Sunday, June 29, 2008

It slipped my mind

It's Afghan Sunday again and I've hardly touched the afghan in weeks, except to move the stack of finished squares around so the cat won't sleep on it. I did finish the Patt Tanton Hewitt square, which I was working on at the last meeting.

Hewitt square

I went down a needle size and this square still came out a smidge oversized (12-1/4”W x 12-1/2”H, after wet blocking). You can see it's a little taller than it is wide. It would have been even taller, except that I trimmed a few rows off. I ended the lower border with a RS inc row and then started the charts on Row 2 (instead of working a foundation row consisting of the last row of each chart, which would have meant two more rows). Correspondingly, I ended the patterned section with Row 2 of chart C, and incorporated the cables of Row 3 into the RS decrease row of the upper border.

Fidgety business: I found that the M1P’s distorted the reverse stockinette too much, so I replaced each with a backwards loop cast on in the previous row. And in Row 25 of Chart C, just to be consistent, I replaced the SSK and K2tog by P2togs by borrowing a purl stitch from each neighboring panel.

Here’s a hint I saw on Ravelry just after I finished: use two different-colored DPNs for the cable calisthenics. (By the way, Ravelry has a group devoted entirely to this project, and it's full of helpful and amusing people.) The tightness of the stitches while working those multi-strand cables made working this square physically tiring and hard on my wrists, but the high "ooh pretty" factor gives you a pretty high return on your investment.

I've almost finished the Salazar square, too. Here's a shot of the center section; I've got the borders done and sewn on now. Maybe I'll finally wrap up the chain stitching this afternoon.

Friday, June 06, 2008

Passing the bar

I've been deconstructing the humble bar increase lately. I'm talking about the one where you knit the front leg of a stitch without removing it from the left needle, then knit the back leg. The stitch you're working into gets a half twist, forming a little bump to the left.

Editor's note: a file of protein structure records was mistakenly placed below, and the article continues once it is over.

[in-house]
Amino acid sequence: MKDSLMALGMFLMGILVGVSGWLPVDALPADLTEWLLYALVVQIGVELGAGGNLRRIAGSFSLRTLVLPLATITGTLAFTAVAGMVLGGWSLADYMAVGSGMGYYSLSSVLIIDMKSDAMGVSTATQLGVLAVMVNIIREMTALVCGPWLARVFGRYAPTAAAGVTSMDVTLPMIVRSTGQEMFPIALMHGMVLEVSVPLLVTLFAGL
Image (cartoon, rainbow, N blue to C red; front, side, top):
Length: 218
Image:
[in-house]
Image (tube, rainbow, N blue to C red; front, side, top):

In this earlier post I described how to work a less-prominent variation on the bar increase. Here's the structural difference between Kf&b and the variant: in the purple figure above, look closely at the twist. The horizontal-ish part lies on top. In the variant, the vertical-ish part ends up on top, as in the green figure. That's why the horizontal bump lies to the back of the fabric.

Once upon a time, I was working on a pair of gloves with bar increases for the thumb gusset, and it bothered me that the increases weren't symmetrical. Yes, I know that if you Choose Wisely which stitches to work Kf&b in, you can make the placement of the bumps symmetrical; but still, they aren't perfect mirror images because there's a bit of distortion to the right of each bump. What I wanted was an increase that is a structural mirror image of Kf&b, with the bump lying to the right, as in the blue figure. So I unvented one.

Here's how to work the blue increase: remount the stitch left leg nearside. Knit the front leg and remove the stitch from the right needle (so far, you've merely made a twisted knit stitch). With the tip of the left needle, pick up the strand that runs from lower left to upper right of the stitch just removed (it's the top strand of the twist), and knit the back of it.

It's also possible to work the mirror image of the variant (peach figure), but it's a little more awkward. Knit the back leg and remove the stitch from the right needle (a traditional twisted knit). With the tip of the left needle, pick up the back strand of the twist, and knit the front of it.

It took me about three days to draw those figures, and I'm all tuckered out, so I'll have to tell you about Pf&b and its friends another day.